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  • alexandra.steinhauer

    I agree with all of your points. However, currently TFA and SFER provide tools to empower college students to become a player in education reform and not many other organizations have the means to do the same. How can we promote the importance (and be able to turn that passion into action) of working towards equitable education reform to recent grads if not through such organizations?

    • Nikhil Goyal

      Agreed, they've had a tremendous amount of success in organizing students. I'm starting a movement shortly to bring all the stakeholders together. Let me know if you might be interested. These organizations unfortunately are being funded by people who don't want to replace public schools with charters, push ruthless accountability measures, and put unqualified people in the classroom.

      Feel free to reach out:

  • circularrunner

    As someone who runs a GED program in San Francisco, I tend to think that the only real way to work against all these obstacles our students face is to rethink the educational model. The idea of one teacher at the front of the room talking, for my money, is not going to do it. SMall groups-- 3-to 1 student to instructor ratio max. I think that this kind of fundamental shift in the way we think of education--basically, we need a private school set-up for a public school environment--then we will start getting at the problem.
    If I were emperor for a day, I would start a teacher's corps. I would bring students in from different disciplines, not education students, in to local public school systems, and I would have them be supervised by the main teacher. In military terms, it's like a squad of student-teachers going in and doing some real work each class session.

    In exchange, students would have some kind of debt forgiveness. OR, that kind of giving, would be part of the grade of the class. I am trying to implement this model, as much as I can, with my program. God help me.

  • caeltaylor

    Who could ever really rationalize the "positive" benefit of linking teacher pay to performance? It is the saddest thing that has ever been proposed towards some of the most selfless, under-payed, and overworked individuals. Sure some teachers are not great, or are flat out terrible, but that does not mean pay them less! That does not help them. It does not help the kids. We need an education revolution, not an education reform.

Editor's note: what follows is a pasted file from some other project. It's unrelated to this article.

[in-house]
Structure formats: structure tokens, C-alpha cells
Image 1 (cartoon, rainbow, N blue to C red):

• Sonia Trepetin

    How sad is it that billions of dollars go to political campaigns, apparently, according to this article, even over $1M is given to people for this faux cause, "Every Child Left Behind" is still in full swing (UGH!), but yet the very people who are in the trenches, who see the issues because they are on the frontlines, who are genuinely trying to effect change in the broken system, they can't get a voice because they don't have the bankroll to be heard over the clatter of coin being exchanged by "those with means". It infuriates me. But, the article is enlightening. Thank you for this eye-opener!

  • Vast Shadow

    Innovation in public schools are short founded in many ways because public school teachers rather have money than invest in kids future. Schools will often only adapt free programs. The schools that do that are usually high populated are with high volume of kids.

    People should listen to kids... Most of the new generation today only listens for direction, because they were never given any say or voice at early age. You do have exceptions of few people, those who just naturally disregard authority. Class Clowns have the incentive... Isn't that ironic.

    • Nikhil Goyal

      Great points. I fundamentally believe that there are some traditional teachers that we will never change, but I know plenty more that will if they realize how profound a revolution education desires. Kids cannot be left on the sidelines any longer. It's inappropriate to disenfranchise the very people we are catering to.

      Those "class clowns" may just want to get attention or there may be an underlying issue in their lives. I love kids who disregard authority and the norm and chart their own path.

      Anthony Cody has a great piece at Education Week: Bad Teaching Practice #1: "I am Only Going to Teach Those Who Are Ready To Learn"

  • Bill Vining

    Good article/go get um. Good book that refutes SFER;How children succeed by Tough
    read this after you finish my book.

    • Nikhil Goyal

      Thanks Bill. I read Tough's book. While his thesis is correct, even though progressive educators have been addressing it for over a hundred years now, Tough constantly draws back to the KIPP schools. Grit is overrated. He also believes that anyone can "end poverty for themselves" without making clear of the effects of poverty on schooling.


      • Bill Vining

        I agree, there were several holes in his book and he spent too much time with the Chess stories but until we get to the root causes of poverty and quit throwing money at the symptoms we will never make any real progress

          • Bill Vining

            I loved the chess idea and what they have been able to accomplish. Just overkill and the purpose got lost in the excess length. I do believe that strong character is learned in the competitions. I was a little taken back at the low ACT scores by those that did well in the competition. I would have thought that it would have helped the analytic skills and in turn helped raise the ACT scores. I am working with a colleague to put together a program that combines character, entrepreneurship, academics, and the empowered learner skills. It is combined with technology. I'll pass some of it on when we get closer. Any thoughts would be appreciated.